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Storm brings snow to ski fields, but injures thousands of seabirds

Wintertime and the skiing is easy – at last.  After a long wait for the snow to arrive, crisp, clear days are finally providing perfect ski conditions for the start of the school holidays.

About 5000 people hit the slopes on Mt Ruapehu yesterday. Whakapapa got so much snow in recent storms that people were able to ski back to their cars in lower carpark 10. weather analyst Philip Duncan said the skiing would be very good for the first week of the holidays.

“Cold nights will lock in snow that has already fallen. And because temperatures are remaining below zero there will not be a great deal of melting.”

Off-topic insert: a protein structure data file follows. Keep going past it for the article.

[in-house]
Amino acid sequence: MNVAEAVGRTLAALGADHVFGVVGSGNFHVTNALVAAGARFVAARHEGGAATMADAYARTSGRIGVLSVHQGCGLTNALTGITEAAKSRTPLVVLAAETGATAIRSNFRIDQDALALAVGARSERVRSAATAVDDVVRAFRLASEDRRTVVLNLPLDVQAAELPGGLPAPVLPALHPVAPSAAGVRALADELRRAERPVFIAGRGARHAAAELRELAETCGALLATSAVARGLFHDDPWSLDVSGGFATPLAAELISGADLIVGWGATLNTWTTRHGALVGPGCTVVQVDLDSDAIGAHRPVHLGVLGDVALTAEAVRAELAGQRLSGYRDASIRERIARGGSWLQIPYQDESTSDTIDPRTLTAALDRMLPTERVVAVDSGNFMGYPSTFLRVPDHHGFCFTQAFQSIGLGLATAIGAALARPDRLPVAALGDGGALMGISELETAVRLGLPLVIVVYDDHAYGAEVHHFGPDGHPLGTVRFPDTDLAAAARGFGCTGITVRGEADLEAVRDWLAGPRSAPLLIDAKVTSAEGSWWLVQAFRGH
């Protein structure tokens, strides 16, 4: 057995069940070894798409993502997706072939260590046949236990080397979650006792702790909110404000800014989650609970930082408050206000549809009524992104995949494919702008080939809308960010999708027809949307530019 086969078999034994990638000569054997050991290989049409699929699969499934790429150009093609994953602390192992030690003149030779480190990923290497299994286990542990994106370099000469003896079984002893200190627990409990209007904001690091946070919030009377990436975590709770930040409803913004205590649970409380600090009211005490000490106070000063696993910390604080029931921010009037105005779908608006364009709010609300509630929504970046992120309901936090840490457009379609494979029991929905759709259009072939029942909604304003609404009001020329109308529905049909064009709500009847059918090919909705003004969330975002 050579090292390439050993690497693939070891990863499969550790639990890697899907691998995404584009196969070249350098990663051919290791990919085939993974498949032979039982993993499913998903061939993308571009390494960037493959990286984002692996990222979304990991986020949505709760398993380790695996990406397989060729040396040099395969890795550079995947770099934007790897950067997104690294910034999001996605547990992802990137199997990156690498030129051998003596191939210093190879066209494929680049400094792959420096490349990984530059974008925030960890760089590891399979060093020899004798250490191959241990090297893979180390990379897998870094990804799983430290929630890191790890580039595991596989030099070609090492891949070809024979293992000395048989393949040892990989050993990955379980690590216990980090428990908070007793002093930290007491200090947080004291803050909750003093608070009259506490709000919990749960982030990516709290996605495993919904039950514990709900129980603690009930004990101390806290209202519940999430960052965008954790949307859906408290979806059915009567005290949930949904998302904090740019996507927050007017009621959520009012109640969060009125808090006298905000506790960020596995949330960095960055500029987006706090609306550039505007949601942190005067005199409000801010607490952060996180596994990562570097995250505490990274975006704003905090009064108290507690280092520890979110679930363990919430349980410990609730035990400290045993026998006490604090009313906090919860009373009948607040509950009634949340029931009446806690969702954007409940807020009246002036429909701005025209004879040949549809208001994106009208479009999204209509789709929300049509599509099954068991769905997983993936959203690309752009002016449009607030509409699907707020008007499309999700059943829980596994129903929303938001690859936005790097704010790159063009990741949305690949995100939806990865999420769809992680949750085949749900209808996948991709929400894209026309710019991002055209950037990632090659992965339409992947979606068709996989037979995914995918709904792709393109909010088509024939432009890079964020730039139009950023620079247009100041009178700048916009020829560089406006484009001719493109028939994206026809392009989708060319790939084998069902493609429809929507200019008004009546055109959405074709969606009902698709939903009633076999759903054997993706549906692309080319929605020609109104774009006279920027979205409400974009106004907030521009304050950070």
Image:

The clear, cold days would continue until Wednesday, a welcome reprieve from the severe weather that has battered the country over the past fortnight.

A low approaching from the Tasman could bring more rain later in the week. “We’re watching to see whether it turns into a nasty system,” said Duncan.

The storms have moved off, leaving a massive rescue operation in their wake.

Thousands of injured seabirds have been dumped along the west coast of the North Island and strong winds blew others as far inland as Hamilton.

Conservation Department programme manager of biodiversity John Gumbley said about 1000 dead birds had been found along a 1km stretch at Kawhia. Anexa Raglan Vet Clinic nurse Donna Rickard said people had brought about 300 broad-billed prions to the clinic.

The fine weather this weekend should give the opportunity for birds to recover.

Seabirds can be left to fend for themselves in what is a naturally occurring event. If birds are found on the beach DOC recommends to leave them in a sheltered location. If the birds have been dumped some way from the coast they should be returned to the beach on the nearest fine day.

– Homepage image / File, HOS

– By Frances Morton, Herald on Sunday


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